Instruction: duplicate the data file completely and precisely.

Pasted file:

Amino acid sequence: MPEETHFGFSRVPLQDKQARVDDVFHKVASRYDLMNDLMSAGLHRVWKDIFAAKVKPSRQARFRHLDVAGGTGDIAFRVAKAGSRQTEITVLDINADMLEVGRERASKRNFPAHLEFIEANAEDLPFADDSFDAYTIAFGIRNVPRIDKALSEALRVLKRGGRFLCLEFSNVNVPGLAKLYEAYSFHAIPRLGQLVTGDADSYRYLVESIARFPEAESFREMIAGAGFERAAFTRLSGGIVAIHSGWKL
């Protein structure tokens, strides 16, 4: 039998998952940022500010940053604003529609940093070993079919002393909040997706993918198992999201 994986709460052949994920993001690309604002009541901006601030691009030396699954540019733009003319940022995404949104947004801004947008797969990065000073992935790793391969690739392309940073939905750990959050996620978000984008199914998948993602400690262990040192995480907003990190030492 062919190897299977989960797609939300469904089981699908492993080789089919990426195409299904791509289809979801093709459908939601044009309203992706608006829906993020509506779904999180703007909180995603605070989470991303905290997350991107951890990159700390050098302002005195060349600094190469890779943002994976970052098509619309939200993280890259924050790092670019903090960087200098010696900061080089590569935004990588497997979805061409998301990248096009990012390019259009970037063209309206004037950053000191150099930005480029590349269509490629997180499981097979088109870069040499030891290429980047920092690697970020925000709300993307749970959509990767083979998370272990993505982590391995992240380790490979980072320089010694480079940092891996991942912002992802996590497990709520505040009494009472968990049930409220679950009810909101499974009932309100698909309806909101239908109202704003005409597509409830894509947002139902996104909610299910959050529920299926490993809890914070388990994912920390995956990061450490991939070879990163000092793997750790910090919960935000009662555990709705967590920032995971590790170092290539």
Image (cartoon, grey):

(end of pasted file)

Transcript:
Amino acid sequence: MPEETHFGFSRVPLQDKQARVDDVFHKVASRYDLMNDLMSAGLHRVWKDIFAAKVKPSRQARFRHLDVAGGTGDIAFRVAKAGSRQTEITVLDINADMLEVGRERASKRNFPAHLEFIEANAEDLPFADDSFDAYTIAFGIRNVPRIDKALSEALRVLKRGGRFLCLEFSNVNVPGLAKLYEAYSFHAIPRLGQLVTGDADSYRYLVESIARFPEAESFREMIAGAGFERAAFTRLSGGIVAIHSGWKL
């Protein structure tokens, strides 16, 4: 039998998952940022500010940053604003529609940093070993079919002393909040997706993918198992999201 994986709460052949994920993001690309604002009541901006601030691009030396699954540019733009003319940022995404949104947004801004947008797969990065000073992935790793391969690739392309940073939905750990959050996620978000984008199914998948993602400690262990040192995480907003990190030492 062919190897299977989960797609939300469904089981699908492993080789089919990426195409299904791509289809979801093709459908939601044009309203992706608006829906993020509506779904999180703007909180995603605070989470991303905290997350991107951890990159700390050098302002005195060349600094190469890779943002994976970052098509619309939200993280890259924050790092670019903090960087200098010696900061080089590569935004990588497997979805061409998301990248096009990012390019259009970037063209309206004037950053000191150099930005480029590349269509490629997180499981097979088109870069040499030891290429980047920092690697970020925000709300993307749970959509990767083979998370272990993505982590391995992240380790490979980072320089010694480079940092891996991942912002992802996590497990709520505040009494009472968990049930409220679950009810909101499974009932309100698909309806909101239908109202704003005409597509409830894509947002139902996104909610299910959050529920299926490993809890914070388990994912920390995956990061450490991939070879990163000092793997750790910090919960935000009662555990709705967590920032995971590790170092290539």
Image (cartoon, grey):